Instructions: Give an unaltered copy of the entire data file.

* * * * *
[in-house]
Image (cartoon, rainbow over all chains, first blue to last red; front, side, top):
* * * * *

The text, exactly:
[in-house]
Image (cartoon, rainbow over all chains, first blue to last red; front, side, top):